Fight on because you can’t always get what you want

As a big USC fan, nothing makes me happier on a Saturday than when the Trojans get a big fat W.  Unfortunately, my boys are 1-3, so there hasn’t been much celebrating so far this season. My only consolation is that, at 2-2, UCLA hasn’t started out that great either. When I recognize that the Bruins’ losses somehow make me feel better, I have to ask myself: why?   

It truly makes no sense since their loss doesn’t change the fact that we lost, but for some reason it’s still nice knowing the Bruins are disappointed as well.

I guess this is basic human nature.  When you bomb a test, it’s easier to cope when most other kids bombed it, too. Misery really does love company.

However, one of the facts of life is that we aren’t always going to get what we want. Someone else gets the part you auditioned for, takes your starting spot on a team, or wins an award that you really wanted. You’re forced to watch from the sidelines as others succeed, and you’re left feeling like a failure.

What defines us isn’t our failures–everyone loses sometimes–it’s the way we react when we don’t get what we want that says the most about who we are. Do we really want to be the type of person who finds joy in the failures of others? Every time someone gets something that we wanted, we get the opportunity to choose whether we want to be jealous of their successes and attempt to bring them down, or if we want to be happy for them, cheer them on and hope when it’s our turn to come out on top we’ll get the same positive support.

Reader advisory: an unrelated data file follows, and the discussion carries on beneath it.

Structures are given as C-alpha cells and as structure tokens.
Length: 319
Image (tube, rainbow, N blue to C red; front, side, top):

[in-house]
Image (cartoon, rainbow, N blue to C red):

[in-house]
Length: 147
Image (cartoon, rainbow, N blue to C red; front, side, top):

Friendly competition at first glance seems like such a paradox. Although, when I think about it, friendly competition is the way we should be living our lives all the time. We should be going out into the world and trying our best to make the most out of every opportunity, but when we miss out on one, we should congratulate whoever got the win and move on to the next thing with a good attitude. I’ve realized that I really don’t need the negativity and pettiness that accompanies jealousy in my life, and I’ve found that being happy for others brightens their day as well as mine.

Being on Dance Team at NPHS has taught me how to survive in a competitive environment. Not only is my team competitive with other teams but we’re also very competitive amongst each other.

As dancers we all want to be front and center but the reality is that someone has to be in the back line. Sometimes it’s going to be me in the back and I’ve learned that it’s my job to dance the best I can in the spot I’m given, be happy that I get to perform, and support my teammates as they get a chance to be in the front.

I care about every member of my team and I want them to succeed. It’s my job to support them even when I don’t get what I want, and I can only hope that when it’s my turn they will support me too.

So I guess maybe the next time USC loses, instead of instantly changing the channel to passionately root for whatever team is playing UCLA, I’ll just turn the TV off and move on with my life.

Just kidding UCLA sucks.

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